How A Lower EPC Rating Can Impact Your Home Environment

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Published on Apr 15, 2024

EPC is like a report card for your house, telling you how energy-efficient it is. Ratings range from A to G and show different levels of energy efficiency for homes. These ratings play a key role in obtaining the UK government’s eco4 grants. Click here to learn more about these grants and how you can increase your chances for availing them. The link contains lots of useful information to maximize your chances for the grant. 

If your home has a low EPC rating, it means it could be more energy efficient. This can have a big impact on your home environment. Firstly, a low EPC rating means your home is likely losing heat. Secondly, a low EPC rating can also affect the environment. So if your home has poor EPC, it will contribute to greenhouse gas emissions. As a result, this will worsen climate change. Moreover, if you ever want to sell your home, a low EPC rating could put off potential buyers. People want homes that are energy efficient because they're cheaper to run and better for the environment.

How is EPC calculated in the UK?

To give your home an EPC rating, a special inspector called an accredited Domestic Energy Assessor (DEA) will visit your property. They won't need to make any major changes – it's a non-intrusive inspection.

The DEA will use a clever system called the Standard Assessment Procedure (SAP) to calculate your EPC rating. SAP considers many things that affect your home's energy use, like: How big is your house? What materials are the walls, roof, and floors made of? How well-insulated is your home? Are there any drafts around windows or doors? What type of heating system do you have? Is it old and inefficient, or is it a newer, more eco-friendly model? What kind of light bulbs do you use?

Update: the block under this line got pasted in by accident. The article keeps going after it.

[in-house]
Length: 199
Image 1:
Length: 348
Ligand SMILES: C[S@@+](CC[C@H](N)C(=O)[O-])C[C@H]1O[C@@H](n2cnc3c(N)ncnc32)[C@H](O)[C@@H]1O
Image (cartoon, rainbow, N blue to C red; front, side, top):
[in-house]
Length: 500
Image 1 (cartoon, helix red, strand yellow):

By taking all these factors into account, SAP gives your home a score. This score is then translated into the familiar A to G EPC rating.

How EPC contributes to the home environment

A higher EPC rating (A-C) translates to a more energy-efficient home. This has several positive impacts on your home environment:

  • Improved Comfort: A well-insulated and energy-efficient home retains heat better in winter and stays cooler in summer. This leads to a more comfortable living environment with fewer drafts and a more consistent temperature.
  • Better Air Quality: Less reliance on ventilation systems to maintain comfortable temperatures can lead to improved indoor air quality, especially if you combine energy efficiency measures with proper ventilation practices.
  • Reduced Noise Pollution: Modern energy-efficient appliances and windows tend to be quieter than older models. This can create a more peaceful and relaxing home environment.

Carbon emissions and EPC ratings

A lower EPC rating (D-G) indicates a less energy-efficient home. This can have negative consequences for the environment:

  • Increased carbon emissions: Homes with lower EPC ratings typically use more energy, often from fossil fuels. Burning fossil fuels releases greenhouse gases. Moreover, it includes carbon dioxide, a major contributor to climate change.
  • Greater reliance on the grid: Less efficient homes put more strain on the national electricity grid. Furthermore, during peak demand periods, problems can occur. Consequently, this can lead to increased reliance on power plants that might use fossil fuels. So it will, further contribute to emissions.

How to make your home more energy-friendly?

There are ways to improve your home's EPC rating, even with small changes! Here are a few ideas:

  • Seal the Leaks: Check around windows, doors, and any gaps where pipes or wires enter your home. Filling these gaps with caulk or sealant can help keep warm air inside.
  • Insulate Your Walls and Roof: Next, good insulation maintains temperature throughout the year.
  • Upgrade Your Heating System: An old, inefficient boiler uses more energy to heat your home. Consider a newer, more energy-efficient model.
  • Switch to LED Light Bulbs: LED bulbs use much less energy than traditional bulbs and last way longer. Consequently, you can save money in the long run.
  • Quick Wins: Simple things like turning off lights when you leave a room, taking shorter showers, and air-drying clothes instead of using a tumble dryer can all add up!

Bottom line

By improving your home's EPC rating, you're not just saving money on energy bills and making your home more comfortable. You're also doing your part for the environment and increasing the value of your property. It's a win-win situation! Remember, small changes can make a big difference. So start your journey today to increase your EPC score.